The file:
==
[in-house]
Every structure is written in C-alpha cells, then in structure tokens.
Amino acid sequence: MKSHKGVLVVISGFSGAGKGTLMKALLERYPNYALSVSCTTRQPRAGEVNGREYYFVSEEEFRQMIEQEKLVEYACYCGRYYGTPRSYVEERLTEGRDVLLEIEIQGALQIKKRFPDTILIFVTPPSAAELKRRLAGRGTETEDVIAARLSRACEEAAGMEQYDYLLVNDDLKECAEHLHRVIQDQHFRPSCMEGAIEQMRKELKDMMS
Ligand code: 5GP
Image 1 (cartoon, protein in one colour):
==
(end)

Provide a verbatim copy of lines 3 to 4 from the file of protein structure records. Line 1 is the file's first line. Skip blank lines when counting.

Amino acid sequence: MKSHKGVLVVISGFSGAGKGTLMKALLERYPNYALSVSCTTRQPRAGEVNGREYYFVSEEEFRQMIEQEKLVEYACYCGRYYGTPRSYVEERLTEGRDVLLEIEIQGALQIKKRFPDTILIFVTPPSAAELKRRLAGRGTETEDVIAARLSRACEEAAGMEQYDYLLVNDDLKECAEHLHRVIQDQHFRPSCMEGAIEQMRKELKDMMS
Ligand code: 5GP